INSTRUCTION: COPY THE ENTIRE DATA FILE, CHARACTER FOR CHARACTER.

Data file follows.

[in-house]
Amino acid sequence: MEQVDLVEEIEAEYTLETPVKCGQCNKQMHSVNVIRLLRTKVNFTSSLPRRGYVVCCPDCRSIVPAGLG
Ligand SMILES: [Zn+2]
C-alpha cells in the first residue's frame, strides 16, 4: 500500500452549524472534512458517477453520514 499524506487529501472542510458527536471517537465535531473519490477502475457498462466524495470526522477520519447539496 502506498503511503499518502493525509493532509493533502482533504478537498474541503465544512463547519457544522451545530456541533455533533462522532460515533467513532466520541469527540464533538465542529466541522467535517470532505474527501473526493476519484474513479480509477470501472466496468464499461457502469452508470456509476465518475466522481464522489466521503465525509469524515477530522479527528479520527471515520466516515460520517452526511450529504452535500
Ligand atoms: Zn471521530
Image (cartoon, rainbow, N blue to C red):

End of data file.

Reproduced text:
[in-house]
Amino acid sequence: MEQVDLVEEIEAEYTLETPVKCGQCNKQMHSVNVIRLLRTKVNFTSSLPRRGYVVCCPDCRSIVPAGLG
Ligand SMILES: [Zn+2]
C-alpha cells in the first residue's frame, strides 16, 4: 500500500452549524472534512458517477453520514 499524506487529501472542510458527536471517537465535531473519490477502475457498462466524495470526522477520519447539496 502506498503511503499518502493525509493532509493533502482533504478537498474541503465544512463547519457544522451545530456541533455533533462522532460515533467513532466520541469527540464533538465542529466541522467535517470532505474527501473526493476519484474513479480509477470501472466496468464499461457502469452508470456509476465518475466522481464522489466521503465525509469524515477530522479527528479520527471515520466516515460520517452526511450529504452535500
Ligand atoms: Zn471521530
Image (cartoon, rainbow, N blue to C red):